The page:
The Testimony Before US Congress

The Testimony Before US Congress

Fr. Shay Cullen

Last  22nd of  April , I  appeared before U.S. Congress as a witness to the US House Committee on Foreign Affairs’ Subcommittee on Africa, Global Health, Global Human Rights and International Organizations at the Subcommittee’s Hearing: Accountability and Transformation – Tier Rankings in the Fight Against Human Trafficking. .

This was by a special invitation of the US congressional committee and the members which are highly influential in the house and they were instrumental in getting the latest anti-trafficking law passed by the US congress on the same day, 22nd of April. This is a law that brings help and relief to victims of human trafficking within the United States and other provisions.

The Philippines is being considered whether to remain on the tire II ranking of the US State department index of states complying for not complying with the international standards in preventing and fighting human trafficking.

Sex tourism is growing and this is directly linked to human trafficking as the  girls and minors are recruited from the villages, mostly in Samar and Leyte,  to supply the sexual gratification of the foreign sex tourists  for a few dirty  dollars. Here below is some of text of most of my presentation to the congressional committee.

“Today, I will share with you my personal experience working to address the widespread situation of Human Trafficking in the Philippines. My remarks will focus on Human Trafficking for the purpose of commercial sexual exploitation, and the exploitation of innocent and blameless street children for begging and drug deliveries for criminal gangs.  Many but not all of the child-victims of trafficking for begging, prostitution or for being drug couriers are frequently confined in jail-like conditions instead of being helped as victims. Some are as young as 8 to 12 years old.

The growth of human trafficking is linked to the use of the Internet for promoting sex tourism and for transmitting images of child pornography made in the Philippines as described.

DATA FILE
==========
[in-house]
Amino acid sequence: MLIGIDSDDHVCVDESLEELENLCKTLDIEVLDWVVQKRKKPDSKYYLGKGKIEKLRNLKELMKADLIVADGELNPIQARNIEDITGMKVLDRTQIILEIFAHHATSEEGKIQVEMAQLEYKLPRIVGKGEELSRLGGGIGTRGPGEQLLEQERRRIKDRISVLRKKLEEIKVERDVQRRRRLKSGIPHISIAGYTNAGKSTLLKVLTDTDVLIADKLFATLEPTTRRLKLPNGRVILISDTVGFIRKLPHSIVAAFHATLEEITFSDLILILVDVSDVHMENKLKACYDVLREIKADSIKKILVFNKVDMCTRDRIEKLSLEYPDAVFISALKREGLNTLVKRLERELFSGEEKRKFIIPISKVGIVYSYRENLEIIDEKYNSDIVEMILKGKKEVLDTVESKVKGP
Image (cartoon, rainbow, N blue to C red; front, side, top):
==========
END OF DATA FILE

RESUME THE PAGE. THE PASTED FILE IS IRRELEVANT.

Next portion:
Some victims of human trafficking are subjected to several human rights violations and even forced abortion, although these are difficult to prove with for the lack of medical or forensic evidence since it is done illegally and secretly but revealed by the rescued victims in therapy and in their oral narratives.
The anti-child pornography law mandates the Internet server providers (ISP) to filter and prevent such illegal images and content.

The Internet is widely used for transmitting live sex acts using children despite the anti-cyber-sex laws. The telephone companies which have US nationals among their top 100 shareholders are violating the law by not having these filters in place as demanded by the Anti-Child Pornography Act of 2009 otherwise known as RA 9775.  They have seemingly placed themselves above the law and it is possible they get away with it with some collusion with Philippine government officials. The Philippine National telecommunications commission is responsible for the implementation of the regulations. In addition to the anti-child pornography law, they are also allegedly violating with impunity the Public Telecommunications Policy Act of 1995 or RA 7925 and Executive Order No. 546 issued in 1979.

While indeed there is strong political commitment by President Ninoy Aquino and especially Justice Secretary Leila De Lima, and the office of Ombudsman to fight corruption with some notable success and much effort to address the widespread human trafficking, unfortunately the implementation of this by police and prosecutors results in a very low arrest and conviction rate. In 15 years only 150 convictions were achieved. This places The Philippines on Tier II of the TIP report.

There is corruption by some of the prosecution and judiciary. Besides the slow pace of the judicial process, the lowering of charges of human trafficking to child abuse allows many foreign suspects of trafficking to escape.
While the Philippine government is striving to address the problem of human trafficking and improve the recorded of convictions much remains to be done.

The efforts of the US State department are lauded but reform of the police and judiciary in the Philippines is of utmost importance. Local government who issue permits and licenses to sex bars that take in trafficked persons must be restrained and sex trafficking must be greatly reduced. Children trafficked must have greater protection, shelter, and assistance. Suspects must be prosecuted in a robust manner with integrity. end.

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